This is a big, elemental production. It is austere and physical, stripped back to the essentials. There is no blood, little adornment, no shoes even. The focus is on the actor’s body – its material and vocal expressiveness in service of the text. In so many ways it reminded me of Poor Theatre’s stripping back to the fundamentals of performance in, as Grotowski attempted to describe it, a ‘… discarding of masks, the revealing of the real substance: a totality of physical and mental reactions.’
Director Jennifer Flowers has produced a Romeo and Juliet that will appeal to those who like their Shakespeare and their acting unvarnished and quick. Certainly, this production is all of that. Playing time is under 2 and a half hours with no interval.
The cast of twelve (8 men and 4 women) inhabit a world that is indeterminate; their unadorned costumes are of another time and place although in setting – elemental stone and water – designer Bill Haycock (with lighting by David Walters) has beautifully referenced the coldness of a classical citadel rather than the usual richness and warmth of Verona’s Renaissance city. It fits the rest of the production and provides a new viewing of a play whose story is so well known in our culture that even those who have never experienced it on page, stage or screen feel that they ‘know’ it. Ms Flowers’ production is a bold revisioning, and one that may take people by surprise. That’s no bad thing at all. Continue reading Review: Romeo and Juliet – Queensland Theatre Company at Playhouse QPAC
Main Image: Bryan Probets (Touchstone) | Images: Al Caeiro
David Berthold is quickly setting up a tradition for La Boite: opening a season with a Shakespeare, directed by the Artistic Director himself. As You Like It was preceded by Hamlet (2010) and Julius Caesar (2011), in which Berthold proved he could bend the material to his will, creating sexy and contemporary productions. Make no mistake, As You Like It has a completely different feel, and is a more cohesive production than its La Boite forefathers. Indeed, it feels as though Berthold is infinitely more comfortable in the comedy of Shakespeare, and the result is superb production.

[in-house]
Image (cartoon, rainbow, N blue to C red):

As You Like It centres mainly around the love quest of Rosalind (Helen Howard), the daughter of a Duke who has been usurped. Rosalind is banished from the new Duke’s court and takes her cousin Celia (Helen Cassidy) and the court’s jester (Bryan Probets) with her. In order to escape persecution Rosalind disguises herself as a man, and leads her band of exiles through the Forest of Arden in an attempt to find her exiled father (Kate Wilson). But the real spice of the plot lies in Orlando (Thomas Larkin) who is forced to flee the court when he is rejected by his older brother Oliver (Luke Cadden) and then upsets the fascist usurper Duke (Hayden Spencer) by challenging and defeating his wrestler, Charles (Thomas Carney). But before he flees, Orlando and Rosalind fall in love, only to be reunited once again in the Forest of Arden, but with Rosalind in a man’s disguise. Commence Shakespearean gender-bending comedy.